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Best Buy’s (Not So) Generous Birthday Offer

MrConsumer celebrates his birthday in January and has been receiving birthday offers from various retailers and restaurants.

Among them was an email from Best Buy offering a surprise:

Best Buy birthday email

What could it be? A big screen TV? $100 off an item of your choice? A free major appliance?

Clicking through to Best Buy, these delusions of grandeur quickly evaporate.

Best Buy Birthday gift

Okay… I’ll take 10% off. But a big catch looms with the dreaded list of exclusions.


Best Buy exclusions

At least they didn’t exclude sale items… or did they? Two savvy readers point out the first line of the disclaimer which says “Markdowns taken from regular or Was prices.” What does that mean? Is that just standard language in disclaimers that many retailers use, or did they really mean to say that the 10% discount is only applicable to regular priced items?

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15 thoughts on “Best Buy’s (Not So) Generous Birthday Offer”

  1. They DID exclude sale items. The very first sentence says discount to be taken from the REGULAR or WAS price, so even if they didn’t technically exclude sale items, they excluded sale PRICES.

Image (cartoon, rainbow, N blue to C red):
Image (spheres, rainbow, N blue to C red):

No wonder they are going bankrupt!

  2. Sure, they don’t exclude sales items, but if you use the coupon you get the discount off the regular price, not the sale price. (Check out the first sentence.)

  3. In response to a previous comment I think it’s worth noting that Best Buy is not going bankrupt. Their stock has skyrocketed recently and although some people seem to think the projections are overly optimistic more growth is expected in 2018.
    That being said it doesn’t change how ridiculous this birthday offering is. Whenever I get any kind of offer or see a coupon with that much fine print I just toss it into the trash.

  4. Well bobl I think the list of what you could get 10% off would be smaller than what is excluded.

    Still would be useless.

  5. Kind of like the Macy’s coupons I used to get. They would have save a lot of ink by changing the list of to ” Excludes anything you might actually want to buy.”

  6. These are the type of exclusions usually associated with a 50% off sale. To go to this much trouble to cheat customers out of a mere 10% discount has got to be a new low.

  7. This is one of those situations where the list of inclusions is probably shorter than the list of exclusions.

    I wonder if the 10% discount is mainly for Best Buy branded merchandise.

  8. Doesn’t their marketing department have any clue as to how much ill-will is created by such a ridiculously long list of exclusions? Happy Birthday, indeed! Gimme a break!

  9. I remember when they used to give a $5 certificate to use on anything for your birthday. That was good for me to reduce the price of a dvd, video game, or CD

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